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Biochim Biophys Acta Gene Regul Mech. 2019 Nov 4:194433. doi: 10.1016/j.bbagrm.2019.194433. [Epub ahead of print]

Splicing in the pathogenesis, diagnosis and treatment of ciliopathies.

Author information

1
Faculty of Medicine, University of Southampton, Human Development and Health, United Kingdom of Great Britain and Northern Ireland; University Hospital Southampton NHS Foundation Trust, United Kingdom of Great Britain and Northern Ireland.
2
Faculty of Medicine, University of Southampton, Human Development and Health, United Kingdom of Great Britain and Northern Ireland; University Hospital Southampton NHS Foundation Trust, United Kingdom of Great Britain and Northern Ireland. Electronic address: d.baralle@soton.ac.uk.

Abstract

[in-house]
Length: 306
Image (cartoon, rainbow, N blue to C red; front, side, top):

Primary cilia are essential signalling organelles found on the apical surface of epithelial cells, where they coordinate chemosensation, mechanosensation and light sensation. Motile cilia play a central role in establishing fluid flow in the respiratory tract, reproductive tract, brain ventricles and ear. Genetic defects affecting the structure or function of cilia can lead to a broad range of developmental and degenerative diseases known as ciliopathies. Splicing contributes to the pathogenesis, diagnosis and treatment of ciliopathies. Tissue-specific alternative splicing contributes to the tissue-specific manifestation of ciliopathy phenotypes, for example the retinal-specific effects of some genetic defects, due to specific transcript expression in the highly specialised ciliated cells of the retina, the photoreceptor cells. Ciliopathies can arise both as a result of genetic variants in spliceosomal proteins, or as a result of variants affecting splicing of specific cilia genes. Here we discuss the opportunities and challenges in diagnosing ciliopathies using RNA sequence analysis and the potential for treating ciliopathies in a relatively mutation-neutral way by targeting splicing. This article is part of a Special Issue entitled: RNA structure and splicing regulation edited by Francisco Baralle, Ravindra Singh and Stefan Stamm.

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